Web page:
"Are there any other groups similar to yours that also work with women and political participation in Yemen?" I asked.
"Well to be honest, every group here claims to be working on women, because that's what the donors want right now," Mahmoud -- the founder of a prominent women's organization in Yemen -- responded. He was telling us about his organization's activities during the National Dialogue process there.
My mind stopped on his comment. And I remembered a recent trip to Jordan and Lebanon where I caught up with some of the civil society groups that I'd met with during the summer. During one of those meetings at Younes Café in Sodeco, one of them told me they had disbanded their very well-funded and successful organization. I asked her why and she said, "We couldn't tell what impact we were having after awhile. We were getting all of this funding but we weren't really changing anything."
She explained that they had started out as a group of passionate and focused youth activists and turned into an organization with a hierarchy and an overhead and it had diverted them from their cause. "We met to talk about this worry we all were having about our organization's future and we made a few decisions. We decided to stop going for project funding. We changed the structure of the organization, got rid of the hierarchy, and the board. Now everyone has the same weight in the decision process, it's a horizontally affiliated group of volunteers now. Then we decided what issues we want to focus on and devised a strategy around that. Now we're asking donors to fund the strategy."
I asked her how she felt about the change. "It's scary. But we had to do it."
I was noticing the impact of this donor funding business in many of my meetings throughout the region. There was a sort of robotic way of spouting out words that were essential to getting funding. NGO directors would say phrases like "capacity building" and provide statistics on the number of people that come to their trainings. I didn't get a sense that they was sincere curiosity or concern for solving an issue in society. I wondered did they once care and did that passion get diluted through the hundreds of grant proposals they'd written?
Often the problem with donor funding is that it does not allow for enough innovation, creativity, service and result orientation, in the way the private sector might. Unlike business plans, many proposals are static and linear in the way they describe activities, rather than seeing themselves as offering a service to a specific client, they are often lists of activities, without a focus on what the service is, how it is different, and how it might just work to achieve that change. This nuance makes a huge difference.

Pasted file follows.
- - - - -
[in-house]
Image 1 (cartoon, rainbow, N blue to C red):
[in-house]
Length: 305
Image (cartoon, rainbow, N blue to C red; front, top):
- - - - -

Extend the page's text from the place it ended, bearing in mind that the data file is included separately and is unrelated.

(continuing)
Talking to friends who work for civil society organizations in the U.S., I tried to find the differences. It seems that an essential difference is accountability. When the funding is local, the accountability is more direct. A local donor, whether it be a citizen, foundation, or government, is usually more invested in the use and impact of their funds. And they usually know about it when a project or organization is not working well.
I know this paints an overly idealistic view of civil society in the U.S. Social justice and advocacy organizations in the U.S. are rife with problems, competition, bad management, and personalities that drive or kill the organization and their coalitions, despite this, a majority of them provide quality services to their communities and advocate on their behalf for important rights and benefits.
Looking at the way change did come in the MENA region, we see that it didn't come from well-funded organizations but rather passionate individuals and groups that couldn't tolerate the status-quo any longer. This begs the question where was this donor-funded civil society when you needed them?
In a variety of ways it's clear that traditional development models are over, that social entrepreneurship and income generation are more viable means for organizations to stay focused on their missions in the MENA region. Any way that an organization can be more selective in what international donor funds they use and how, is a way for that organization to stay more focused on achieving its long-term mission.
I remember when I was with some Tunisian friends who had started an association to keep the ideals of the revolution alive and ensure that democracy takes hold. They mentioned to me that they didn't want to work for their organization full-time as staff. At first I questioned this choice, wondering about their commitment. Now it seems it was the better option, since their incomes don't rely on the organization's funding stream, it will be their passion and drive that will keep them engaged and interested.
A few weeks ago, I stood in front of a room of development workers in Lebanon and asked them how they would report to a donor agency about an earthquake that hit a country they were working in. One young guy responded, "We should explain how the earthquake affected the trainings."
That's when it became clear how far we were from where we needed to be. I told him that I guess we all forget that civil society was not created to do donor funded trainings but to help communities, especially in times of need...like an earthquake.